His mind doesn’t always know where he is anymore. When he arrived here and got out of the taxi his daughter’s house was dark and empty. He had nowhere to go, we told him to come and stay with us until she got back in a few days. He said he didn’t want to be a bother, and that he has an apartment he can go to, right next door, and when I asked him where ‘next door’ was, a New York address ran off his lips. He even took out his house key from NY to show me he could go there now. (sigh) It was sad. It was scary too. The old man didn’t know where he was, and he integrated NY with Israel, like it made sense, like it would make perfect sense in a dream. But we weren’t dreaming.
We all wondered how he had gotten himself from America to Israel all alone, with no one to accompany him on the flight. He had stopped over in Turkey. He said how they had hassled him there, took his things, searched, ….and then sent him on another later flight to Israel. He arrived here with no money.
How does an airline in America let a man his age, all hunched over, not with all his mind intact, fly internationally with stop-overs?
He had medicines. Lots of pills. All with directions. Some with doctor’s or pharmacist’s handwriting that was hard to read. Was it 6 pills to take, or ½ a pill? We didn’t want to kill him. We gave him half a pill. We saw some pills in the case were already cut in half. But it sure looked like they wrote ‘6’. Doctors need to go to calligraphy classes.
We are still sitting in the garden, and the wind is toying around. The leaves, the bougainvillea leaves were still dancing. Other various leaves and dried up Morning Glory flowers as well were mixing in. And all of a sudden, while he was talking to me about this and that from his past - that he had already told me thrice over, a big mischievous breeze picked up several leaves and playfully brought them towards me. They were teasing me, flying in all directions, but coming towards me none the less. I reached up while he was talking, trying to catch one. It out maneuvered me. I started to giggle. I had to reach and grasp fast. I missed. I missed again, and the bougainvillea leaves, all diverting from my attempts to catch them, all landed on the dirt again. I giggled. It was funny. The old man was still talking. And I thought about the new year, and the holiday, and the significance of me trying to catch the leaves that I couldn’t catch. But, I thought, - it was fun trying anyway.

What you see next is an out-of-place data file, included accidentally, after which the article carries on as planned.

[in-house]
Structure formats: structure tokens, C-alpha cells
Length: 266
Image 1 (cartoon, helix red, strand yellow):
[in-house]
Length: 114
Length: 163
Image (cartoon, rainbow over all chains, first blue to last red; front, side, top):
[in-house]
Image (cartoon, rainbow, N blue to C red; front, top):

And then, while contemplating the symbolism, a dried out Morning Glory flower coming out of nowhere and flying on the wind, unexpectedly hit me in my face. Smack, on my cheek. I got startled. And I giggled again. I thought, “Look how life can play with you, and then smack you in the face. But it was a light smack. And it tickled. It grazed my cheek, and fell, and it was ok. I rubbed the lingering sensation from the side of my face.
G-d controls all. That’s what I needed to remember. G-d controls all, and I can giggle. I can also try to catch the leaves in the wind. I SHOULD try to catch the leaves in the wind, but if I don’t, that’s ok too. Because I only make ‘the efforts’ in life. G-d controls ‘the results’, the outcome. And I smiled. And the old man kept talking. And all was good in the world.
Enough anger, enough cursing out, and enough blaming others for 'the situation'. Yes, I am referring to the latest gruesome terror attack near Hebron, and most of our reactions to it.
So bottom line... what is to be done?
We are not the Prime Minster of Israel or the President of the United States. We can't send out armies to go after the terrorists, we can't set foreign policy, we can't send orders to security forces. Again, we must ask ourselves the question, 'What CAN we do?".
Anger, justified anger, is important, it has a purpose. But it is not the complete answer, and it does not absolve us of taking responsibility. Some think, because they got angry, because they shed some tears, because they talked to people about the horrible attack, that they are now patur (absolved) of doing anything else. This is wrong. This is futile. And I believe that the victims of the terror attack would want us to move forward, to take the anger, the tears, the frustration of 'the situation' and DO something about it. "Don't let us die for nothing!" their voices cry out from the grave.